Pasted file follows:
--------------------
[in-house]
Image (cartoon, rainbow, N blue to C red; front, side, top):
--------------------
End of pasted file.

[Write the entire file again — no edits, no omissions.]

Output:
[in-house]
Image (cartoon, rainbow, N blue to C red; front, side, top):